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VINTAGRAPH • WPA • WWII • POUR IT ON: WWII POSTER

Downtown: 1942

Downtown: 1942

September 1942. "New York. Looking downtown from the Third Avenue elevated railway in the 'Fifties'." A platform on the long-vanished El. Medium format nitrate negative by Marjory Collins for the Office of War Information. View full size.

 

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The distant one

"Isn't that 40 Wall Street way off in the distance (just to the right of the right hand pillar)?"

Turns out a straight line down 3rd Ave passes just east of 70 Pine (60 Wall), so that must be the distant building. Our view of 40 Wall is blocked by the nearer building.

Different Town: 2013

We still have the "L" in Chicago. And our weather matched the 1942 Shorpy photo this Memorial Day weekend.

Skyline

Actually, I think we can see the three tallest buildings at the time. Isn't that 40 Wall Street way off in the distance (just to the right of the right hand pillar)?

I think the other buildings that we can see in silhouette include the Hemsley Building, the Waldorf Astoria and the RCA Victor (later General Electric) Building.

67th Street

This view is not from the "fifties," it is from the 67th Street station of the Third Avenue El.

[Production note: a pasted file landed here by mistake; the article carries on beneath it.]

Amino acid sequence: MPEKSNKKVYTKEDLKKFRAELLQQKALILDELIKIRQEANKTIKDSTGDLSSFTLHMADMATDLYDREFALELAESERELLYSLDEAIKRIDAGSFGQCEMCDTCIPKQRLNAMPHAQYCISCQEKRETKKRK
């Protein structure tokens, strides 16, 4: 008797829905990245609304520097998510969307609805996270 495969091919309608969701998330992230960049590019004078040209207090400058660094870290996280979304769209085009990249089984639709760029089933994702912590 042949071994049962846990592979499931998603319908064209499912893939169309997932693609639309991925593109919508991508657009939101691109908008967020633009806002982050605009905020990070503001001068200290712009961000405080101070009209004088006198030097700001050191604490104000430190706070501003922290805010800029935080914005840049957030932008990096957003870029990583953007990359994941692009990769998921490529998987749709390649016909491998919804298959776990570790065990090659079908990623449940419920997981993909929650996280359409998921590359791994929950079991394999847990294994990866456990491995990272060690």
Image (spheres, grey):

The mansard roofed building on the left just south of the platform is the "Car Barn" of the Third Avenue Railway company which ran most of the streetcars in Manhattan at the time, which was not affiliated with the Third Avenue El.

Another Stunner

There are aspects of this photo that remind me of the work by David Plowden.

Said Mother McG to her gullible son

The first Christmas Eve after this was torn down the neighbors sang a song about it along Third Avenue.

"Hazy lazy crazy days of summer"

Love this shot of the train headed out with the framing of the two tallest buildings at the time, Empire State and Chrysler.

In the heat of the day

The woman looking out her 3rd floor window in the heat of a New York City summer is probably seeking a breath of fresh air. As a train comes into the station every 5 or 10 minutes or so she may close the window because the noise was deafening.

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